Tight initial accuracy is a concern in systems where calibration is either inconvenient or impossible. More commonly, absolute accuracy is only a secondary concern, as a final trim is performed on the finished product to reconcile the summation of all system inaccuracies. A final trim affects considerable cost savings by eliminating the need for tight initial accuracy in every reference, DAC, ADC, amplifier and transducer in the system. Monolithic reference initial accuracy ranges from 0.02% to 1%, representing 1LSB error in 6-bit to 12-bit systems. Weston cells and Josephson arrays clock in at 1ppm to 10ppm and 0.02ppm initial accuracy, respectively (0.02ppm is less than 1LSB error in a 25-bit system). Temperature-induced changes in reference output voltage can quickly overshadow a tight initial accuracy specification. Considerable effort is therefore expended to minimize the temperature coefficient (tempco) of a reference. Most references are guaranteed in the range of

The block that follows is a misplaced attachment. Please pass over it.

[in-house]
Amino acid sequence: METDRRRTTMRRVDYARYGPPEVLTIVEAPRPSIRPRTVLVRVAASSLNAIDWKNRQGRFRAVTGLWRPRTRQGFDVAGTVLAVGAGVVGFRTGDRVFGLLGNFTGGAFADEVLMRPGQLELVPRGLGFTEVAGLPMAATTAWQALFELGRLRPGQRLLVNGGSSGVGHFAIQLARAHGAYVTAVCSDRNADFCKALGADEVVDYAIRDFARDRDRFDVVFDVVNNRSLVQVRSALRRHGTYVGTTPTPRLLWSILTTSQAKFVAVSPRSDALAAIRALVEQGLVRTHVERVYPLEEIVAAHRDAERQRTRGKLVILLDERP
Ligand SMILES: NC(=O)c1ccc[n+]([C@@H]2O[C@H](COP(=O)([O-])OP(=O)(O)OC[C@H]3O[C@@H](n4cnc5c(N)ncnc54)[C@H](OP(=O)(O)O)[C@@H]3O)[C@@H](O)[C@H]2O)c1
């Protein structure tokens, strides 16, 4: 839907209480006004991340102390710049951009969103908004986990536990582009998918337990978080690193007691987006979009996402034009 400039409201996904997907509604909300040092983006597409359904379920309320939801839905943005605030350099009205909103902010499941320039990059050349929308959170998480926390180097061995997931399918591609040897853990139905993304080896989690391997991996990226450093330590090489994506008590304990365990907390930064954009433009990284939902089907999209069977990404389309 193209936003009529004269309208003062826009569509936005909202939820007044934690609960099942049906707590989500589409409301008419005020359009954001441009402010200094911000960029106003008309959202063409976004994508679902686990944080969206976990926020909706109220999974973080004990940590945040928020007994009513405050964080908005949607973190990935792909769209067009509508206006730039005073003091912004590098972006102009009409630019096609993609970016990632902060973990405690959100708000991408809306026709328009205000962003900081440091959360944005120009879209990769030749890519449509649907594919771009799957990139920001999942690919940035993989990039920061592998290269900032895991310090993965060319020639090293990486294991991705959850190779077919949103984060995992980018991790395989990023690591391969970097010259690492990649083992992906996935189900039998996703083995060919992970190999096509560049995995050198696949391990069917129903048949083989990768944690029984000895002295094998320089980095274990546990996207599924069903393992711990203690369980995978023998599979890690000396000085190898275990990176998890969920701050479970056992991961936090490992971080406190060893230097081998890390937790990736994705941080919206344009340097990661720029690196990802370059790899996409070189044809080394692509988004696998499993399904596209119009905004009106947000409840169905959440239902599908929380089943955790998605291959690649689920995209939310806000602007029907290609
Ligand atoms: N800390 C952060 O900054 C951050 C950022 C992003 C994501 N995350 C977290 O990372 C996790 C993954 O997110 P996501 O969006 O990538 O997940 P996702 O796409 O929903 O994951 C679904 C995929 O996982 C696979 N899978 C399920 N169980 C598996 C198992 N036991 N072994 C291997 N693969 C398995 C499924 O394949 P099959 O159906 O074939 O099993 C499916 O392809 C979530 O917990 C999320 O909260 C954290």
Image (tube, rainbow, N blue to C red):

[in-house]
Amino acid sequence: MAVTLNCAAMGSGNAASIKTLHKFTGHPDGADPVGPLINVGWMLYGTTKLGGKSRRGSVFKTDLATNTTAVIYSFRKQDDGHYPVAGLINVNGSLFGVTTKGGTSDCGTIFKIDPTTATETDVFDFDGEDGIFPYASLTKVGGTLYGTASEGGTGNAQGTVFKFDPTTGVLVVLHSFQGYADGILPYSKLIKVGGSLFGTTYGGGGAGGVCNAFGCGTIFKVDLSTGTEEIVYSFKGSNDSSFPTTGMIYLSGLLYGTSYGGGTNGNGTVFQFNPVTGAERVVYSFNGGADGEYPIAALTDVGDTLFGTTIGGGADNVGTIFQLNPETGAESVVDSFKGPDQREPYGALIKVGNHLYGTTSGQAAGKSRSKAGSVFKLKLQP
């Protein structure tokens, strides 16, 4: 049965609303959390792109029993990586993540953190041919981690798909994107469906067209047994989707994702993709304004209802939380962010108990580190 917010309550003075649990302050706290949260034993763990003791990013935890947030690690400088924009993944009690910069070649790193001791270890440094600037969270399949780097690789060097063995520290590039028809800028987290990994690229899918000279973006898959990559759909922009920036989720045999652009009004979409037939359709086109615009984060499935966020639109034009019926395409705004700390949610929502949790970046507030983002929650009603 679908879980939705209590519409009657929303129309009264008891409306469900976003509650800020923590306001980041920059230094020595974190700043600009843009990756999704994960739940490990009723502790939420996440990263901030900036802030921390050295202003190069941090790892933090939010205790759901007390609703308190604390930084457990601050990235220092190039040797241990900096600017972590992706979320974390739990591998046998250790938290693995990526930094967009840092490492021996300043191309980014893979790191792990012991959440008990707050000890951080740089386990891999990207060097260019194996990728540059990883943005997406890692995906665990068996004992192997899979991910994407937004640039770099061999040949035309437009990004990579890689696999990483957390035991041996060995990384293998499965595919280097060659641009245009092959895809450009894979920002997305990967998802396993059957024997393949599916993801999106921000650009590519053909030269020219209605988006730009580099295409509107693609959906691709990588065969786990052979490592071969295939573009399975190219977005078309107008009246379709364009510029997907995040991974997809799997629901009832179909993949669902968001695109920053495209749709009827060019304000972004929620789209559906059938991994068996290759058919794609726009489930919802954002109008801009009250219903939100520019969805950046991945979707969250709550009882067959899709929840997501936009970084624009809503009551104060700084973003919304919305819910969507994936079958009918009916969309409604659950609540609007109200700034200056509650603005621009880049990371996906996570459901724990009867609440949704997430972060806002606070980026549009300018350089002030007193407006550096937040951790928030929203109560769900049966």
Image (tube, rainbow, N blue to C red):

0.997 –50 –25
5ppm/°C 0°C TO 70°C “BOX” AVERAGE V − V MIN TEMPERATURE = MAX COEFFICIENT T MAX − T MIN 50 25 75 0 TEMPERATURE (°C)
V °C 100 125
Figure 2. The Box Method Expresses Absolute Output Accuracy Over Temperature as a Drift Term
A data sheet figure for tempco can be used to directly calculate the output voltage tolerance over the entire operating temperature range. A device with a tempco of 10ppm/°C, specified for 0°C to 70°C, could drift up to 700ppm from the initial value (about 3 counts in a 12-bit system). A 0.1% reference with 700ppm tempco error is guaranteed 0.17% accurate over its entire operating temperature range. Two exceptions to this rule are the LT1004 and LT1034, which simply guarantee absolute output voltage accuracy over the entire operating temperature range. The LT1009 and LT1029 use a combination of the two, called the “bow
Application Note 82